Batesville has gone to the dogs
By Billy Davis
An Ohio coon hunter named Keith said he rolled into Batesville, before the sun came up Thursday morning, with two friends, three dogs, and high hopes.
There’s a lot of that going around this weekend — friends, dogs and hope — at the Batesville Civic Center.
There’s also a lot of hope that coon dog lovers and their families, many setting foot in Mississippi for the first time, will learn why the state is called the “South’s warmest welcome.”
The United Kennel Club announced last July it had chosen Batesville and its civic center as the new location for its Winter Class. The three-day event draws coon hunters and dog fanciers to its night hunts and its bench show, and the UKC said as many as 10,000 people attended events in the past.
Albany, Georgia was home to the Classic for 25 continuous years, and the message boards at the UKC Web site immediately lit up with hunters unhappy at the changing venue. Other hunters, meanwhile, suggested that moving the hunt farther west would draw more hunters from west of the Mississippi and other regions.
UKC officials said that was the goal all along: to keep the event in the South but shift it westward.
But Albany boasts a population of 80,000, while Batesville has one-tenth that number, and locals are crossing their fingers that our weekend company will enjoy their brief stay in their temporary home.
“We need to do everything we can to make them feel welcome,” Sonny Simmons, the Panola Partnership CEO, said Thursday as he erected a welcome booth inside the main entrance of the Civic Center.
Simmons is typically chasing after new industries for the Partnership, but the county organization serves as the chamber of commerce, too, so he is wearing a different hat during the weekend.
Simmons said Winter Classic attendees will be assisted by Partnership staff, the red-coated Ambassadors, and members of the Young Professionals.
Simmons told the Mississippi Business Journal recently that the Winter Classic brought more than $2 million in revenue into Albany during the weekend.
While Simmons and his staff were readying for the crowd, Lynn Dover Ray and husband Eddie were shoveling popcorn and fetching bottled water for attendees who were lining up at their concession stand.
The husband and wife hold the concession contract at the Civic Center, and Lynn Ray said she has hired extra part-time help, and ordered extra food and drink, for the long weekend.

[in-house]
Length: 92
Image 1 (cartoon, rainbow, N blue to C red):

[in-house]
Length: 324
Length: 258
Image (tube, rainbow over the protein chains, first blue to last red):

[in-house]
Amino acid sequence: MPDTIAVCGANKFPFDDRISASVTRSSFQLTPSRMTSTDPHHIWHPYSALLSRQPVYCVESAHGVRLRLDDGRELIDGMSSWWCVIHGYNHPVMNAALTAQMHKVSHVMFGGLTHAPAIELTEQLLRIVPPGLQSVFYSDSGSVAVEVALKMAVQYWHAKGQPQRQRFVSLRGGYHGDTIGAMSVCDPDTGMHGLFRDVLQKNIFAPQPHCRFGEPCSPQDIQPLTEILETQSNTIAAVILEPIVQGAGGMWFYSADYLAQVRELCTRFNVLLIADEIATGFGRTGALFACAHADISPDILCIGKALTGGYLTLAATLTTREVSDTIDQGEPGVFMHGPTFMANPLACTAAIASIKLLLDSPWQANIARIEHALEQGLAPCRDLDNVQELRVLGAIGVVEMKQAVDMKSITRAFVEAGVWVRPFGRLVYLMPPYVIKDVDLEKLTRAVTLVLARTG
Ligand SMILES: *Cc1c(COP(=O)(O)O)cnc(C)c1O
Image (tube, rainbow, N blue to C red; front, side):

“I’ve ordered a little bit of everything,” she said.
She said the concession stand is extending its hours to serve an early-morning breakfast to hunters, and the Rays are selling plate lunches Friday and Saturday for the crowd.
“I hope people understand how big this is for Batesville,” said Batesville resident Cole Flint, who is wearing several hats during the weekend, too.
Flint works for his family’s famous hardware store in Downtown Batesville, one of many businesses that hope to draw Winter Classic attendees into their doors during the weekend.
Flint, a county supervisor, also plans to serve as a guide for the night hunts. When he learned about the Classic, he said he lined up other guides for hunters and called landowners to ask to use their land.
“When I started talking to some landowners, they had no idea this was going on,” Flint said. “That got me thinking that people aren’t aware this event is in our town. They need to be aware.”
Keith, the Ohio hunter, said he had walked the civic center grounds and was happy so far.
“I think it’s going to accommodate us pretty well,” he said. “The people seem really nice.”
He also said he expects high scoring on the coon hunts. The land around Albany was swampy and made the timed hunts challenging, but he expects the terrain of North Mississippi will offer good hunts.
Civic Center director Roy Hyde said the facility will get feedback about the weekend from the UKC, which is provided an after-event survey.
He expects the attendees will share their thoughts with the UKC, which will pass those opinions on to the City of Batesville.
There’s also those message boards. Coon hunters apparently know their way around a keyboard, too.